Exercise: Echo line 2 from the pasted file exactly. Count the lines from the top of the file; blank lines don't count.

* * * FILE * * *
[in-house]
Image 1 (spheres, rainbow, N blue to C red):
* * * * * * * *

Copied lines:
Image 1 (spheres, rainbow, N blue to C red):